Never trouble another for what you can do yourself.
I am undergoing a new correspondence with the somewhat strange man from the Radio Shanty, Professor Ludwig Von Meises. I enclude my first letter and his response which I recieved this morning, for your persual. Should you be desirous to know, I do well and spend my time freely with Natalie and tending to my turtle, Mr. Capitalism. I shall report more when I am disposed of less to do.
- TH. Jefferson
Your amusing stories about technology and science have bemused me and amused me both at once, so I would enjoy sharing your correspondence, as you suggested writing to this "e-mail" address of yours. A great way to send letters quickly, no?
I am perhaps behind the days on things, as certain men certainly are. This became most evident to me the other day, in discussions with my good friend Daniel. He was working on the computer, telling me again of all the fantastic things it can accomplish, to which I lend skepticism but interest as I know I am a man behind the times, so to speak. He told me it could download anything, the film of television, of motion pictures, of radio and song. So I indeed asked, if it is so absolute, then could it acquire for me some of my favorite old songs?
Surely, you jest, as I am an obscure purveyor of music. I can't imagine that there would be a recording of my brand of music, I would imagine such would be... vintage. So, I gave him a few titles. I list now some of the songs I hoped to find. The favorite passion of my soul possibly renewed, I thought, at the behest of my good friend. So I sat for a day and recorded all the titles of the compositions I favored most. I noticed most people don't have the instruments to play them for oneself, but with recordings I might relish in this music. So I waited for some kind of result, in much anticipation.
A segment of this list was as follows:
La buona figliuola del Piccini
Love in a Village
The Beggar's Opera
Cuckoo & Extravaganza
So, I awaited, day after day, when Daniel said indeed that he'd been looking, and hadn't found a single thing. A week passed, and I had no music to speak of to listen to, my hopes dashed that no one in history had recorded them.
So, what did I do? I decided to use this search facility for myself, when Daniel was away and I was deciding to record some thoughts. I looked up Vivaldi, and indeed, putting the term in I found hundreds of songs, all orchestrial and most from Vivaldi himself, others recompositions or from similarly named composers. I found others, like Haydn, Bach, Handel, Corelli, and plenty of vocals and instrumentals old and new. Instead of searching for the titles of their orchestras, as I had instructed Daniel, it was best to search for their names. If he even searched at all, 'twas something I did not know. I suppose the exactity of the search terms I gave him were simply not profound enough.
So, perhaps good gentleman, we might discuss music in this dialogue? I have little else to bring up, I have no violin and no piano to play, as I am barren where I am now. If not, I happily will listen to any story you might have of science or of your experiments you speak so frankly of.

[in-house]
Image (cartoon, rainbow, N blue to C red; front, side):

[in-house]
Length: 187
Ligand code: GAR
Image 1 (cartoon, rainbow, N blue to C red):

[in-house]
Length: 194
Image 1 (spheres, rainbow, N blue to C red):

Your most obedt. & most humble servt,
- Thomas J.
Thank you for your letter, but I have not been much for music. The late German komponists of the old musikwissenschaft have gone to the annals of our history pages, and in their place I suffer poor retro-industrial grunge rock music. There isn't a German alive who knows how to play a violin. As such I have not been in the mood to listen to much song.
- Prof. Ludwig v. Meises
P.S. It has been my chief interest to befriend Von Meises, since I must research his involvement in ChronoTech if I hope to find my way home to my own time. This letter's effort, however sincere, seems not to have worked. Perhaps next time?
TeeJ's first shot at making a friend doesn't strike the right cord.
This update is about music, and Jefferson was a very dedicated musician. He loved playing the violin and his family enjoyed a large selection of music to play and listen to. A 1783 catalogue of his music listed some of the artists and compositions referenced in this update, sampled from the appendix of "Thomas Jefferson and Music" by Helen Cripe.
Jefferson shared his talent for playing the violin with his wife, who played the piano, and was known for taking his violin with him on trips (perhaps the bond with his wife being the reason for his sentimentality towards music). He was said, by plantation overseer Edmund Bacon, to be "nearly always humming some tune, or singing in a low tone to himself". Monticello slave Isaac Jefferson said he was "always singing when ridin' or walkin'".
He even passed the gift to other generations, he gave his grand-daughter a guitar to encourage her talents, and gave his daughter this advice: "Do not neglect your music. It will be a companion which will sweeten many hours of life to you."
Music to Jefferson was "the favorite passion of my soul, and fortune has cast my lot in a country where it is in a state of deplorable barbarism." (from a letter to Giovanni Fabbroni Williamsburgh, June 8, 1778)
And yes, if you search for those artists on P2P, you should be able to find their works. By name, not by title.